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“Frumentarius is a former Navy SEAL and a former Clandestine Service officer with the Central Intelligence Agency’s Counter-Terrorism Center,” according to his profile on the website for news and analysis from military and special operations veterans. Frumentarius writes:

Working in the intelligence field, and specifically, for the CIA’s National Clandestine Service (NCS), is a kick-ass job, and a great way to serve your country. You will find little else as intellectually stimulating, challenging, and thrilling—on a regular and sustained basis—as a career in the NCS. You can make a direct and critical contribution to your nation’s security while simultaneously making money doing a job you would probably do for free if they let you. With that in mind, I offer below a list of five qualifications that will help you secure a job working for the NCS, if you are so inclined.… If you think you might have what it takes to spot, assess, develop, recruit, and operationally run a human spy, or penetration of a foreign entity (terror groups, foreign governments, and criminal enterprises, for example), then the NCS is for you. Before you can secure yourself a job there, though, you might want to make sure that you have some or all of the qualifications listed below:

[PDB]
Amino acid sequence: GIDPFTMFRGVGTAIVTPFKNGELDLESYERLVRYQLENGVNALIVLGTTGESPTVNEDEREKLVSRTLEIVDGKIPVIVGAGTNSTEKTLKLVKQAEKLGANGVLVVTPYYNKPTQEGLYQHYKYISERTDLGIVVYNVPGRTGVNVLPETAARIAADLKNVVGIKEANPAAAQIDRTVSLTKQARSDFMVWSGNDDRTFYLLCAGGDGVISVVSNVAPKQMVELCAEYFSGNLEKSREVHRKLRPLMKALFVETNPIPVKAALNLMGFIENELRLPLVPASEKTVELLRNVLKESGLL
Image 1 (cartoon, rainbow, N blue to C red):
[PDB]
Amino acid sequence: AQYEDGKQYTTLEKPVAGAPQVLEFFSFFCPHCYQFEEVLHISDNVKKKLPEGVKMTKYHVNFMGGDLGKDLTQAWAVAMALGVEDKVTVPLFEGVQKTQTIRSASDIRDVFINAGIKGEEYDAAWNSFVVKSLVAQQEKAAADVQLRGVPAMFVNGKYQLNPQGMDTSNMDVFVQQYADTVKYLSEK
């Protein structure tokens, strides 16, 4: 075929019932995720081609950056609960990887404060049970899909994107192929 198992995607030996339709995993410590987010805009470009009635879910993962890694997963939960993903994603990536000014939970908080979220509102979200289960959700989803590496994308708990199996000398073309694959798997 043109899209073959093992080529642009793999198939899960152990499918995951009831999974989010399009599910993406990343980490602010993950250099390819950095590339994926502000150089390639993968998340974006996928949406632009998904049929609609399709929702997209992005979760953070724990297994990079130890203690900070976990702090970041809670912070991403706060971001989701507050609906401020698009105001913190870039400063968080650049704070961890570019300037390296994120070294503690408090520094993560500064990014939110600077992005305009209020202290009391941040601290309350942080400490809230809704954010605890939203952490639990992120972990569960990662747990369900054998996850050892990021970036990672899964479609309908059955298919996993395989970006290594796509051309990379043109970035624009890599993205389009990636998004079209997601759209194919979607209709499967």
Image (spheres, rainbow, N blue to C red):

Spy vs Spy
  1. Military experience. Just as in the private sector, the CIA/NCS places great value on military experience.…
  2. Language skills. Speaking a foreign language is not a requirement to get hired by the NCS, but it sure helps.…
  3. Experience abroad. It only makes sense that an organization that puts 90% of its focus on events and developments abroad would prefer its potential employees to have experience living overseas.…
  4. Higher education. I am absolutely not one of those people who thinks that a college education somehow makes one more qualified for life than does vocational training, or just good old-fashioned real-world life experience.… In certain circumstances, you might be able to sidestep this degree requirement—for example, if you are a master computer programmer or a 20-year special operations veteran moving over to do paramilitary work—but, for the most part, this one is non-negotiable.…